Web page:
In this Highsnobiety op-ed, Mat Ombler dispels the criticism that Super Mario Run was a "failure" and argues that Nintendo's mobile strategy is proceeding exactly as planned.
On December 23, Nintendo announced that Super Mario Run, Mario’s mobile debut on the iOS store, has been downloaded over 50 million times. That’s an extra 10 million downloads from their announcement of 40 million downloads the week before, in which Nintendo also claimed that Super Mario Run was the fastest in App Store history to hit that milestone.
Despite the phenomenal download figures, there’s an air of negativity surrounding the game. At the time of writing, the game boasts a mediocre review score of 2.5 stars on the iOS store, and mainstream media coverage of the title has been less than favorable. And, while there is some rightful criticism due about the way Nintendo and Apple handled certain aspects of the game, as far as their core mobile strategy is concerned, Super Mario Run is dashing forward at a strong pace.
Some are already calling Mario Run a "failure." Doubts have been cast on Nintendo’s future in the mobile market after shares dramatically fell following the release of Super Mario Run (and let’s not forget that the company’s stock price also took a massive plunge after they announced their new console back in October). It would be wise, then, not to define success through the eyes of speculative investors in the stock market. Others continue to criticize Nintendo’s relevance in a modern-day gaming market, and speak of Nintendo’s move into the mobile market as a "last chance attempt" at capturing the hearts of those it lost long ago.
Unfortunately for Nintendo, people seem content to translate a couple of bad years – okay, abysmal years, as far as the Wii U is concerned – into a predicted doomsday for the company. Nintendo – the company who announced plans to collaborate with Universal parks and resorts to create an entire "Nintendo World" this year – could apparently crumble in a few weeks following the ill-reception of a mobile game. If you ask any Nintendo fan how often the company has been told to "do this or else face certain failure," the answer is often.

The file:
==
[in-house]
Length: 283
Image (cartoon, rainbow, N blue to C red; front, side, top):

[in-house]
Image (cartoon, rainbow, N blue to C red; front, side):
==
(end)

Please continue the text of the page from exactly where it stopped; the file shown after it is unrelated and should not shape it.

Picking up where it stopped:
Nintendo’s mobile strategy involves introducing new audiences to their intellectual property such as Pokémon, Mario, Fire Emblem and Animal Crossing, as well as rekindling the enthusiasm of older players who may not have come into contact with a Nintendo product in quite some time.
“We also look forward to an exciting period ahead, with further growth in our mobile business, new products for our dedicated video game systems and continued progress in our efforts to increase the number of consumers experiencing our IP through games, licensing and expanded entertainment,” explained Nintendo President Tatsumi Kimashimi, as he announced mobile plans earlier this year in April.
It's hard to take seriously the claim that 50 million downloads is a "failure." Remember, that's 50 million people who now have access to a MyNintendo account and who will be receiving inbox alerts on newsworthy Nintendo information going forward.